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Thread: Adjective for "having mass"

  1. #1 Adjective for "having mass" 
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    When discussing physics it is often useful to distinguish between particles that have mass (such as protons and electrons) and particles that have no mass (such as photons). In English it is easy to categorize the latter - we can call them "massless" particles. But what about the former? The term "massive" evokes something enormous, several millions (if not billions or trillions or more) orders of magnitude greater than a mere proton. So what adjective can we use (or is being used) to describe particles that have mass? I realize this is a question as much for linguists as it is for physicists, but I though I would ask here first.


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    One alternative name for a massless particle is luxon, a term that refers to the fact that the particle moves at the speed of light. The equations of special relativity show that a particle that has no mass must move at the speed of light. Solving the equations for a particle with non-zero mass show that such a particle must move either slower or faster than the speed of light.

    Particles that move faster than the speed of light are speculatively referred to as tachyons. No such particle has ever been verified to exist, and mainstream thought generally considers tachyons to be mathematical artifacts that have no real world counterpart.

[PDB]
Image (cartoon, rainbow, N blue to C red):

If you consider tachyons to not exist, then a particle with mass could be defined equivalently as one that moves slower than light. Unfortunately, there is not a universally accepted term for "particle that moves slower than light" any more than there is one for "particle that has mass". Tardyon probably has the widest acceptance as a term for "particle that moves slower than light". But some physicists prefer the term bradyon or ittyon.


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    Brassica oleracea Strange's Avatar
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    The standard term is, I believe, "massive". This is just another case where you have to get used to the fact that the "technical" use of the word is different from the common one.

    See, for example: Quantum properties of massive particles
    Where they explicitly what they mean by the word.
    ei incumbit probatio qui dicit, non qui negat
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  5. #4  
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    Quote Originally Posted by Strange View Post
    The standard term is, I believe, "massive". This is just another case where you have to get used to the fact that the "technical" use of the word is different from the common one.

    See, for example: Quantum properties of massive particles
    Where they explicitly what they mean by the word.
    At first the usage confused and displeased me but as soon as I understood I came to like it.

    The only downside is that you cannot use the word to someone who doesn't know the difference without an extra explanation or a circumlocution (eg "which has some mass").
    Last edited by geordief; February 4th, 2014 at 11:45 AM.
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  6. #5  
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    As the opposit of mass-less is "massive" and this is confusing since this term implies having unusually large amounts of mass, it is probaly better to just specify that the particle in question has mass. The short and clear form is "having mass".
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